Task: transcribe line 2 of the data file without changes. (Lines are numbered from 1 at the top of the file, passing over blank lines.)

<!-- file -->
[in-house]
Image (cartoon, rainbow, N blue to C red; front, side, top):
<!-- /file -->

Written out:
Image (cartoon, rainbow, N blue to C red; front, side, top):